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Hawaii restricting cattle from areas with avian flu cases

Honolulu Star-Advertiser - 4/6/2024

Apr. 6—The Hawaii Department of Agriculture said today it is restricting the transport of cattle from areas where highly pathogenic avian influenza — or H5N1 bird flu virus — has been detected.

The bird flu has so far been detected in dairy cattle in six states — Texas, Kansas, New Mexico, Idaho, Ohio and Michigan.

The restriction went into effect today and will be placed on any future areas where infected cattle are found.

To date, no infected cattle have been detected in Hawaii.

"The Animal Disease Control Branch has been closely monitoring this situation and is establishing these restrictions to help protect Hawaii's livestock," said Sharon Hurd, chairperson of the HawaiiBoard of Agriculture in a news release. "To date, HPAI has not been detected in birds, poultry, livestock or other animal species in Hawaii."

The U.S. Centers for Disease Control and Prevention has issued an alert to inform state health departments and the public of the first confirmed cow-to-human infection of the bird flu in a farm worker in Texas.

The worker had been in contact with cows at a dairy farm in Texas presumed to be infected, according to reports, and suffered from conjunctivitis, but no other symptoms.

The H5N1 viruses are currently circulating among wild birds in the U.S., with associated outbreaks among poultry and backyard flocks and sporadic infections in various mammals, according to the CDC.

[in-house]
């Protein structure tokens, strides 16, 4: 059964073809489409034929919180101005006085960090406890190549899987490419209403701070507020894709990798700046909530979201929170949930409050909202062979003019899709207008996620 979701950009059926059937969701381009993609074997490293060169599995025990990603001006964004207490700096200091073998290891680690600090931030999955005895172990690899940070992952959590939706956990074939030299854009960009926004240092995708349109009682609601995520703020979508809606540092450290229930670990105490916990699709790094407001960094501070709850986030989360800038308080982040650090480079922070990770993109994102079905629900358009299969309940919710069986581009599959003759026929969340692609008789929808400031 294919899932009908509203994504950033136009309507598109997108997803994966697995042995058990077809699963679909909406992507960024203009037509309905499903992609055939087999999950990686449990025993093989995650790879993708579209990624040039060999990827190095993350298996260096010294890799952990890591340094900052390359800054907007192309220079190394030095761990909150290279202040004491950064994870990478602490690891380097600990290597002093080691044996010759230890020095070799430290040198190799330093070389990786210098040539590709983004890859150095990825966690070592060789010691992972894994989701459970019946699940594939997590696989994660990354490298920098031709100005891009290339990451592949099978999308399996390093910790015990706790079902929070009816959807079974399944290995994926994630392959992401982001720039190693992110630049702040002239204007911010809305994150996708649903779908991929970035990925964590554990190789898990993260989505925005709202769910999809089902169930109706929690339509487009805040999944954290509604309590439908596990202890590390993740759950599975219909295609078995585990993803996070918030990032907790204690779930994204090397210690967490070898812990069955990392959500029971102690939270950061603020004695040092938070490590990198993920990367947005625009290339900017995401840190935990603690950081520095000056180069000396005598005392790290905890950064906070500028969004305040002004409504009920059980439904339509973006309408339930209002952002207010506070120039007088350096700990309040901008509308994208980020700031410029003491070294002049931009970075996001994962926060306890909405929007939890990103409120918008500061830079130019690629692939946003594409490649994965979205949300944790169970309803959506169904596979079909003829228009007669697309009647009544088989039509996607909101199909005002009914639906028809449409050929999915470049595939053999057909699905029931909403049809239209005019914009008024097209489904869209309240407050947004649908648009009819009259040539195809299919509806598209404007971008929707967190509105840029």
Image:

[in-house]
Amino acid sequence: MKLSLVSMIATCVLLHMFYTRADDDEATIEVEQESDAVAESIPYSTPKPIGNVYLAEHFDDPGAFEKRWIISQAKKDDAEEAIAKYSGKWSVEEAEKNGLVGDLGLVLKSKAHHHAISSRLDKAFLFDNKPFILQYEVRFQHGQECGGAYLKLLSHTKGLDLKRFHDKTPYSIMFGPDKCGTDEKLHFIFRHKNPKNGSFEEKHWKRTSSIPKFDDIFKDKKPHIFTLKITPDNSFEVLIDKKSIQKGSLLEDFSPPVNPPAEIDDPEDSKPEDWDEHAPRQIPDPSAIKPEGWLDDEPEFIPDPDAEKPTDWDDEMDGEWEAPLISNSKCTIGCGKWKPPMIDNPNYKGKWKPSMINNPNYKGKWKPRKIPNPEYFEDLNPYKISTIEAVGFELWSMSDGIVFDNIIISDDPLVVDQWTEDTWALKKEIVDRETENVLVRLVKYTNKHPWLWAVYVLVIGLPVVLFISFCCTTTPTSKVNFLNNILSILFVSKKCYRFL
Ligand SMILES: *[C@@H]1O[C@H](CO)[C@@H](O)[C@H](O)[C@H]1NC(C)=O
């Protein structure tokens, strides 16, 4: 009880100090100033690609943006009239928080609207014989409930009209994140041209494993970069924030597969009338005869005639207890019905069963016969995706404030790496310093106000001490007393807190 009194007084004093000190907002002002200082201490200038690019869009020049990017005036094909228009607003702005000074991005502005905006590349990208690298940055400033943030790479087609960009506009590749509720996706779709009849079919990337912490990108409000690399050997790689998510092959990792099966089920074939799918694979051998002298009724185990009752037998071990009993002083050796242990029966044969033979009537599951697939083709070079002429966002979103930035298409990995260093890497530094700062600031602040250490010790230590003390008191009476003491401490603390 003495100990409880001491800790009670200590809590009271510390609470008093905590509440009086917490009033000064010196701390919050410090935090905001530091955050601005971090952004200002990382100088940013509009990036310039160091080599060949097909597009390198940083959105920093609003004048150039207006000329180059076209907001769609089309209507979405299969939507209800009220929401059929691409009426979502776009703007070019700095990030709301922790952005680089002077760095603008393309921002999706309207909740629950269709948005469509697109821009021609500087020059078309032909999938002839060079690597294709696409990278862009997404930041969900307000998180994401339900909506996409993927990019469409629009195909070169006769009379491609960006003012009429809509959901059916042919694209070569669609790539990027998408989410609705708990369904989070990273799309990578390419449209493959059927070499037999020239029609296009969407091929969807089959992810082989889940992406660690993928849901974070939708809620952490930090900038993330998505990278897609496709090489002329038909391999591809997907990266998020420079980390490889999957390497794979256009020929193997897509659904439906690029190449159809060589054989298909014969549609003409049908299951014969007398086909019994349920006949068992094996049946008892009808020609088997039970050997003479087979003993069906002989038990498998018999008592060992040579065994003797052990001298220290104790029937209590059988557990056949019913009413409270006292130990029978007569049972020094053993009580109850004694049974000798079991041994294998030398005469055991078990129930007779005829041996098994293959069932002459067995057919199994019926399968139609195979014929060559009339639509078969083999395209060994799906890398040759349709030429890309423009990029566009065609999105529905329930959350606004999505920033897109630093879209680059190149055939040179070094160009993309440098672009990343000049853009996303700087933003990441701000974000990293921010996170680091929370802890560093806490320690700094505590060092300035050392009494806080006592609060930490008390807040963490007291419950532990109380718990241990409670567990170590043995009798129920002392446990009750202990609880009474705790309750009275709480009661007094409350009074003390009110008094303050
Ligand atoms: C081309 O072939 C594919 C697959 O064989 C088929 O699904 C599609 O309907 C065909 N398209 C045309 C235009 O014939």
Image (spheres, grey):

The current risk these viruses pose to the public, however, remains low, the CDC said.

HDOA already restricts the import of poultry and birds originating from areas with significant avian influenza outbreaks to Hawaii.

For imported cattle, HDOA already requires certificates of inspection from an accredited veterinarian but is now requiring them to also include a statement that all animals have been inspected and do not originate from "premises with a confirmed detection of HPAI in cattle" or under investigation with a suspect herd.

Additionally, eligible cattle from unaffected areas of states where the influenza has been detected must be inspected and found free of signs of infection within 72 hours of shipment.

Additional import requirements may be instituted on short notice, HDOA said.

Anyone with questions can contact HDOA at


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